In many ways this is a strange time to be talking, even skeptically, about something as grandiose as stopping the nuclear arms race. Many people are in despair about the coming four years under Ronald Reagan. In less than a month, Reagan's administration has announced its plans to hike military spending and gut federal funding of vital aid to the poor.
Reagan has consistently opposed ratification of the long-dormant SALT II treaty. That treaty can now be declared clinically dead. In its place, Reagan has promised, like every president since Truman, to pursue genuine nuclear disarmament. But there is no reason to believe he will do any more toward realizing this goal than did his predecessors.
In this political environment one could well ask, "Why even talk about disarmament?" The only options seem to be to give up in despair or to stage a tactical retreat and salvage whatever crumbs one can from the militarist onslaught.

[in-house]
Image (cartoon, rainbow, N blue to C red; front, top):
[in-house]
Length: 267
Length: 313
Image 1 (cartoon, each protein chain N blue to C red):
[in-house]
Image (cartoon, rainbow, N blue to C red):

Only the hardest of heart could fail to empathize with the fear and despair felt by the poor, who will be the most immediate victims of Reagan's economic and military policies. But history, in ironic fashion, shows that the times of greatest danger can also be the times of greatest opportunity.
With the death of the SALT II treaty, there is a vacuum in the discussion of arms control. What seems to be lacking is a clear-cut alternative to the SALT process that could fill that vacuum.
But there is such an alternative. It is the idea of a complete moratorium on the testing, production, and deployment of all new or additional nuclear weapons and weapons delivery systems.